Tag Archives: Indigenous people

Indigenous People/Columbus Day

In the U.S., the second Monday of October is Columbus Day.  I have become aware in the last several years, though I’m sure the movement has been going on much longer, of a push to instead recognize Indigenous People’s Day on that Monday.  (Side bar:  Looks like Seattle and Minneapolis did!)  I grew up in a state that celebrated with a day off, but before the Great Move to KL I had spent a decade in Texas, which does not take a public holiday on that day.  It was easy to forget that the second Monday is anything other than the day before the second Tuesday.

Sunday night I was browsing my Facebook news feed to see how my various friends were responding to college football wins and losses and the NLCS game.  (My baseball fan friends are mostly shut out of the ALCS at this point.  Insert sad trombone here.)  In the middle of the light hearted weekend updates, I saw a “Daily Devotional” post from the national body of my religious denomination.  I have often described my denomination as “Vanilla Protestant,” but I’ve learned that’s probably not the best description.  As a whole, my denomination is quite liberal and committed to social justice issues.  Just one of many reasons I continue to be drawn to this sect over others.

Back to the “Daily Devotional” post:

“This Columbus Day, instead of venerating a dirtbag, do this: learn one thing you didn’t know about a pre-Columbian American culture. That’s it; just one thing. And let the truth start making you free.”

I thought I would give this a Malaysian twist and learn something about the indigenous people of Malaysia, the Orang Asli.  (This translates into English as something like “original people.”)  Before I tell you what I learned, let me tell you what I already knew from the various tours and museums we have done.

The Orang Asli are a separate group from the ethnic Malay.  And the Malays are a separate group from the ethnic Indians and the ethnic Chinese.  When people in KL talk about the three ethnic groups in Malaysia, they are not including the Orang Asli in the trifecta.  The Orang Asli apparently live in the jungle, because they are associated with wood carving and other wooden handicrafts and since the wood comes from the jungle, that makes sense.  And that’s it.  For a tourist, I know a relative lot about the founding of Malaysia and of KL, but no one has talked to us about the Orang Asli yet.  Though I am willing to admit that maybe it’s because we are living in KL-  I wouldn’t expect to go to New York City or Philly and learn something about the indigenous population of the U.S. (outside of a museum devoted to Native Americans, or something like that).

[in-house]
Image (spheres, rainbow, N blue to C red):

So here’s what I learned as a result of the challenge:  As of 2000, the Orang Asli population is around 148,000 and they make up just 0.5% of Malaysia’s population.  There are 3 main groups, which are further subdivided into a total of 18 tribes.  They are traditionally animists, but many have converted to monotheistic religions in this last century.  For the linguists out there, they speak languages from two different language families: Austroasiatic and Austronesian.  (Please note that this is not my subfield of linguistics, so I can’t give you any specifics beyond what I’ve read on Wikipedia.)  The poverty rate is around 77%, with a significant portion being classified as “hard core poor.”  I have no idea what “hard core poor” means in practical terms, but it sounds really bad.

My two sources of quick information are Wikipedia and my trusty Lonely Planet book.  Both sources agree on what I’ve summarized above, but they do diverge a little on the rest.  (Though this could be a result of the specific genres represented.  Wikipedia is a reasonably objective reference guide while Lonely Planet is a subjective tour guide.)  Wikipedia basically says that the Orang Asli were plugging along just fine, until the first traders arrived sometime in the first millennium A.D.  They continued to do just fine, trading products from the forest for things the traders had of interest (salt, cloth, iron tools), until the rise of the sultanate in Malaysia around 1400.  They were pushed from their lands, first by the sultans and then by the British.  They were treated badly on land deals with various government entities.  They were sold into slavery by the sultans and later were subjected to missionaries trying to convert them.  (This is starting to sound like a familiar story.)

My other source, the Lonely Planet book, paints a “noble savage” picture:  “The indigenous people of Malaysia played an important role in early trade, teaching the colonialists about forest products and guiding prospectors to outcrops of tin and precious metals.”  Sounds like the next line of the story could be about the first Malaysian Thanksgiving, right?  The book does talk about the current state of poverty and the history of unfair land deals, but there is no information on the really bad stuff- like being sold into slavery.  (This white washing of history is also starting to sound familiar.)

From my brief research, it appears that the history of the Orang Asli in Malaysia runs a similar course to the history of Native Americans in the U.S.  Though they were the original people on the peninsula, they are not currently in power and are a minority in their own country.  They have been treated very poorly by the new-comers.  They’ve lost a lot of their land due to crappy deals with the government and lost a lot of their traditional ways of life due to the influences of “civilizing” missionaries.  Many of them live in extreme poverty.

So there you have it.  I took a call to learn something about an indigenous culture and learned that poor treatment of indigenous populations is not limited to North America.